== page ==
Euro zone deal explained: Breaking down the detail of the €500bn funding

Naomi O’Leary: It’s apparent that the most contentious issue has been kicked down the road

What did the euro zone finance ministers agree last night?

Half a trillion euro is a big number, and it was important for the Eurogroup to announce something that sounded impressive after days of fraught negotiations that were repeatedly delayed.

But break down the detail and it’s apparent that the most contentious issue has been kicked down the road.

So, no eurobonds - or so-called corona bonds - then?


No. The appeal of nine countries, led by Italy and including Ireland, for the issuance of joint debt failed.

Italy argues that the idea of eurobonds or coronabonds, which would help it bring down borrowing costs and be a step to greater economic integration of the euro zone, has lived to fight another day. This hope is pinned on a paragraph in the agreement that states “we also agreed to work on a Recovery Fund”.

The issue has been escalated up the chain of command to be dealt with directly by EU national leaders rather than by finance ministers.

“Discussions on the legal and practical aspects of such a fund, including its relation to the EU budget, its sources of financing and on innovative financial instruments, consistent with EU Treaties, will prepare the ground for a decision,” the text reads.

But shared liability was explicitly ruled out by German Chancellor Angela Merkel on Thursday, not to mention by the adamant Dutch.

Counting on those views changing seems a remote hope at best, especially after the naysayers stuck their necks out this time and saw it pay off. Since even before the pandemic, the EU has been unable to agree on a budget due to divisions between the ‘frugal’ camp who champion efficiency, and those who argue that parsimony hobbles the EU’s ability to be effective and achieve its ambitions.

The French have mooted going ahead with shared debt without the naysayers, but it’s unclear how this could work.

So what was agreed?

Well, the figure of €500 billion breaks down as follows.

Part of it is an employment guarantee scheme recently invented by the Commission. If member states put up 25 per cent collateral, they can get a slice of loans raised by the Commission on the market. This would be used to subsidise companies to keep employees on the books. The scheme would be worth a maximum of €100 billion.

Then there are additional loans from the European Investment Bank to support companies: €25 billion of extra guarantees, so it can step up lending by €200 billion.

But the biggest chunk is from the EU’s bailout fund, the European Stability Mechanism, which was created to dig out states during the euro zone debt crisis. States can borrow up to 2 per cent of their GDP, with a total of €240 billion available.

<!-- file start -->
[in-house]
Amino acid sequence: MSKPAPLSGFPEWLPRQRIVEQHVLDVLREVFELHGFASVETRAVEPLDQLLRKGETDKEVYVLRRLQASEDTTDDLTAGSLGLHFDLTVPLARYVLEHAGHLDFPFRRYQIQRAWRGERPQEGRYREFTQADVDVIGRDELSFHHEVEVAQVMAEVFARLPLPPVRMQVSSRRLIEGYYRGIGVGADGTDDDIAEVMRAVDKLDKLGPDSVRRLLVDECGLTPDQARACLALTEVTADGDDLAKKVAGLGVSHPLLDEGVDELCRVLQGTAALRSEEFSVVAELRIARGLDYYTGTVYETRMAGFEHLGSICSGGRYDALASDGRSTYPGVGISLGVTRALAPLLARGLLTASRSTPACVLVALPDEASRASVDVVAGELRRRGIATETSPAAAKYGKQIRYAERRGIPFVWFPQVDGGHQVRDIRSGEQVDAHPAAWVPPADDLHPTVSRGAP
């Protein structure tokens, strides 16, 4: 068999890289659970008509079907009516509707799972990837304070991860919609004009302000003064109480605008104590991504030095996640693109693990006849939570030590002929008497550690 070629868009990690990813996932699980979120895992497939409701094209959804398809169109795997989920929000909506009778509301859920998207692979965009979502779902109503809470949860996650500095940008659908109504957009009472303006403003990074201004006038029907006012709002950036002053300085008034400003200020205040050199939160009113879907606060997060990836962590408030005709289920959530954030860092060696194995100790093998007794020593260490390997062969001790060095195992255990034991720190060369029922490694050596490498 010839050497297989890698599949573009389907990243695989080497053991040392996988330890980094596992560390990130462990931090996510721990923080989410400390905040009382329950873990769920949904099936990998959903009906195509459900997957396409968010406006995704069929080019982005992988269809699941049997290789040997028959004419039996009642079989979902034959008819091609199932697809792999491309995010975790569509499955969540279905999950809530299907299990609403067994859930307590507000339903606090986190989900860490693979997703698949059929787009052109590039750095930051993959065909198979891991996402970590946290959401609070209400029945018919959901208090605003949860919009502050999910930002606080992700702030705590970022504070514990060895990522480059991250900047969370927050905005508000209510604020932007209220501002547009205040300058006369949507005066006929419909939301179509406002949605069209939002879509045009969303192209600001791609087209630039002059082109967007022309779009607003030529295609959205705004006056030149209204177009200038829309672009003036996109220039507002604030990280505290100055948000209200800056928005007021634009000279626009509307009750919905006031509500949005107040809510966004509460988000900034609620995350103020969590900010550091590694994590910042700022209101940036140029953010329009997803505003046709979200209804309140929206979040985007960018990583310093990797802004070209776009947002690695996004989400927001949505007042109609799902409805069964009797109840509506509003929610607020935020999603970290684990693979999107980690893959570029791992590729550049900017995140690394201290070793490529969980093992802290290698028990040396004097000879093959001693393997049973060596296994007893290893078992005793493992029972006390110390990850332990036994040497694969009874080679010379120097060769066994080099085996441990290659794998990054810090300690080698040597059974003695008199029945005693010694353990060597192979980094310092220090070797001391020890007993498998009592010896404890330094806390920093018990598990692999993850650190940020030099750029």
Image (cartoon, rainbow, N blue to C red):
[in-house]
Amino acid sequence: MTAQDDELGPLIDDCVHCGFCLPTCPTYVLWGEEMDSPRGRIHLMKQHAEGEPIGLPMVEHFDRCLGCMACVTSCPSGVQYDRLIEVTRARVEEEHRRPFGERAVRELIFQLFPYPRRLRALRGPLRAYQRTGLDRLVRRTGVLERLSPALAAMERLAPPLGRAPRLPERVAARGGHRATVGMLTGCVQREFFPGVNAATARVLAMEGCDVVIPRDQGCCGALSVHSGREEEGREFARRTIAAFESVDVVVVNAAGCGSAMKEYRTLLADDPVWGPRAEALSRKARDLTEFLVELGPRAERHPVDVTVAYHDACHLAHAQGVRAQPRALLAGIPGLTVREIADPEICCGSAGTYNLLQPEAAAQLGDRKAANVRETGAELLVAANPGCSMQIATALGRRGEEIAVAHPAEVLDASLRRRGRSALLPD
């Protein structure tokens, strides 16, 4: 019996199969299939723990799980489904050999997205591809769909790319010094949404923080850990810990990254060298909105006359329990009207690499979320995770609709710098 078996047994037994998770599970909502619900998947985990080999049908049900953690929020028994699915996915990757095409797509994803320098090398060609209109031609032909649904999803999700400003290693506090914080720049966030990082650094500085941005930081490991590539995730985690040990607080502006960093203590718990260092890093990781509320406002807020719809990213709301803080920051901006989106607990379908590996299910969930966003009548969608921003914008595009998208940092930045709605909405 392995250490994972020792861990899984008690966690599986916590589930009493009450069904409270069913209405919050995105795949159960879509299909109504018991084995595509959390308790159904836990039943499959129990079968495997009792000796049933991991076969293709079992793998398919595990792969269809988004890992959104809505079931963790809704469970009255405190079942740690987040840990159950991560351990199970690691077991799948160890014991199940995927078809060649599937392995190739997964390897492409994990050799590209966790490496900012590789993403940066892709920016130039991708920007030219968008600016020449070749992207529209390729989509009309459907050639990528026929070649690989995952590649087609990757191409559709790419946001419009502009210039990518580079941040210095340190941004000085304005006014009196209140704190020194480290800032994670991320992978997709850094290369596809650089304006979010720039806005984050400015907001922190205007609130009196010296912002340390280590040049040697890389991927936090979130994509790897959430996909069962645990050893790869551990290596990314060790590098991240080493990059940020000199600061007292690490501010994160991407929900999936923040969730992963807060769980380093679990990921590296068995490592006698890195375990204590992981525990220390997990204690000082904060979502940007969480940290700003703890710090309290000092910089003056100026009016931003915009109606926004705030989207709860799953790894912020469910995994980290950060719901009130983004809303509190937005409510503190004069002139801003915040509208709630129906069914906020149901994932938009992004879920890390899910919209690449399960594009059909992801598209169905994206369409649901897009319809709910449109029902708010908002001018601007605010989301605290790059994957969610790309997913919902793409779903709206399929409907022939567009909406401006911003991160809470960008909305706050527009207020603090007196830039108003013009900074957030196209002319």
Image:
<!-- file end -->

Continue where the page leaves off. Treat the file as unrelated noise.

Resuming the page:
Usually, taking loans from the ESM comes with the requirement to balance the books – known as “reforms” by supporters, “austerity” by critics.

This time, borrowing will come without these strict conditions as long as the money is solely for responding to the pandemic and relates directly or indirectly to health spending. This definition was loose enough for Italy to claim victory, but in reality, it's pretty much exactly the compromise the Netherlands had proposed.

But it will be domestically difficult for states like Italy to actually tap the fund without risking a eurosceptic blowback because of its deeply toxic implications from the bailout years.

Its initials in Italian, ‘Mes’, feature as a regular press bogeyman. Even the news that ‘an agreement had been reached on Mes’ provoked deeply negative reactions in Italy, where it was misconstrued by many to mean the country was already being forced to impose austerity again.

What does it all mean for the broader picture?

The European Commission emphasises that the deal should be seen in the context of various other measures, particularly the decision by the European Central Bank to throw off prior restraints to print money, by buying government bonds to keep EU countries liquid.

It notes that pending by national governments to address the crisis already amounts to 3 per cent of EU gross domestic product, while tax deferrals and loan guarantee schemes for companies on the brink are estimated to be worth even more.

Finance ministers and the Commission had already agreed to relax the usual budget rules to give states free rein to spend and support companies, and freed up existing unused funds from the EU budget to be used to respond to the crisis.

But what's missing is a dramatic step, a structural change, that Italy and Spain argued was necessary to demonstrate to their citizens that the EU is worth it and comes through for the hardest-hit in times of crisis.

Naomi O’Leary

Naomi O'Leary

Naomi O’Leary is Europe Correspondent of The Irish Times